According to the World Health Organization, the H1N1 virus has peaked in much of the northern hemisphere, with substantial declines in the U.S. and Canada. While the disease is still active in the U.S., increases are occurring in central and eastern Europe, and in parts of west, central and south Asia. For more, Daljit Dhaliwal interviews Martin Blaser.
All Posts Tagged With: "Health of Nations"
Worldfocus special correspondent Edie Magnus traveled to Chile, a country with universal health care coverage. However, treatment actually depends on what disease you have and how likely you are to be cured.
Victor Rodwin discusses the intricacies of the health care system in Chile and how it compares to the United States. He is a professor of health policy and management at the Wagner School of Public Service at New York University.
Worldfocus contributing blogger Ayo Johnson writes about the high rates of HIV infection among women in Sub-Saharan Africa, who make up an estimated 61 percent of those living with the virus. He argues that widespread gender inequality increases women's vulnerability to HIV.
While traditional Mediterranean fare is among the healthiest on the planet, Greece now struggles with an obesity epidemic. Worldfocus correspondent Lynn Sherr and producer Megan Thompson report on Greek efforts to reclaim their heritage of "slow food."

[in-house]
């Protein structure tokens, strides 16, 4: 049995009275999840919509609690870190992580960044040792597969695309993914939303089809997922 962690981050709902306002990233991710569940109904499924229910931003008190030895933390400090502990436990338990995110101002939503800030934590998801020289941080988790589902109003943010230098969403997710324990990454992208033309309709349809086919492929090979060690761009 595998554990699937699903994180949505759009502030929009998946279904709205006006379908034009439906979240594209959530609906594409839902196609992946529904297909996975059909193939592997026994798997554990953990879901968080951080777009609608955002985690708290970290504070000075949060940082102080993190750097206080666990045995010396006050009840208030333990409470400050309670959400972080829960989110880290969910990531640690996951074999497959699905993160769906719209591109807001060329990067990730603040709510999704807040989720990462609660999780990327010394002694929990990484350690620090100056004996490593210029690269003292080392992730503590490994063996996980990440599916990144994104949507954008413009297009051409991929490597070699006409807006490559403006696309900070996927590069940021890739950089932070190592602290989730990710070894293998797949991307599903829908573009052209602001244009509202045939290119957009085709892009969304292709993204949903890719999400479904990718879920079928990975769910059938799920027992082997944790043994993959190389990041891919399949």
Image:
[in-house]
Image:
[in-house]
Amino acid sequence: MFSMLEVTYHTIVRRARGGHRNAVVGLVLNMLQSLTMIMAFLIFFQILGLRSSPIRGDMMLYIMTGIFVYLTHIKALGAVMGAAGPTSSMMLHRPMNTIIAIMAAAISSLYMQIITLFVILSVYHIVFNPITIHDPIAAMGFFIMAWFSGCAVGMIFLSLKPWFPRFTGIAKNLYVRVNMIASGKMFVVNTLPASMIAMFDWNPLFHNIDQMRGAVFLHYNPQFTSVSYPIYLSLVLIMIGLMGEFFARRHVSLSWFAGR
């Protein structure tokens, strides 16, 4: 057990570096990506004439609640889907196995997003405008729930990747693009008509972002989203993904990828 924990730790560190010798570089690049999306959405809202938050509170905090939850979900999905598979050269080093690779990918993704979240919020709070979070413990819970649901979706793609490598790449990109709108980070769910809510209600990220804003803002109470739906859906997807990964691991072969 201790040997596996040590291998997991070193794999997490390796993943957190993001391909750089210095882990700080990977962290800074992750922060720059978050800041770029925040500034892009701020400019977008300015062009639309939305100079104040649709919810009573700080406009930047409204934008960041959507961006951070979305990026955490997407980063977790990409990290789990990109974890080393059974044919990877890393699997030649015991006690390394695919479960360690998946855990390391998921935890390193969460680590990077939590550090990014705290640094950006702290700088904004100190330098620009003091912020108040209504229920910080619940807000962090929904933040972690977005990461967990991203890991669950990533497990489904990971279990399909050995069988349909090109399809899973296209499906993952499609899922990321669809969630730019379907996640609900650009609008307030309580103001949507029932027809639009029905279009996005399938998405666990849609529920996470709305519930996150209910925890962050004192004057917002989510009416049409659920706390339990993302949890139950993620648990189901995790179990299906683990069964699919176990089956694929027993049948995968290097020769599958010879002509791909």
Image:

As part of their reporting on Greek efforts to stem the tide of obesity in their country, Worldfocus correspondent Lynn Sherr and producer Megan Thompson visit "slow food" advocates Nikos and Lola Frantzeskakis. The pair share recipes for healthy -- and delicious -- dishes in Vamos, Crete using locally-grown vegetables, meats, and of course, olive oil.
In Wednesday's show, we look at a new cancer drug, Avastin, which can reportedly extend patients' lives. But there is a public debate about how much medical care should be made available at the end of life. Henry Aaron, a senior fellow and noted health care expert with the Brookings Institution in Washington DC, joins Martin Savidge to discuss the issue.
There are now nearly 400,000 confirmed cases of swine flu worldwide, according to the World Health Organization. As many as 100 million Americans may become infected with the flu this season, according to Dr. Martin Blaser, the chair of the department of medicine at the NYU School of Medicine.
With concerns rising in the U.S. and abroad about the H1N1 virus, we want to hear your thoughts. Do you think the U.S. government is doing enough to protect American citizens from H1N1?
Last week, Human Rights Watch released an extensive report detailing the maternal mortality problem in India - whose rate is 16 times Russia's and 10 times China's. Worldfocus spoke with Aruna Kashyap, the lead researcher of the in-depth study, "No Tally of the Anguish."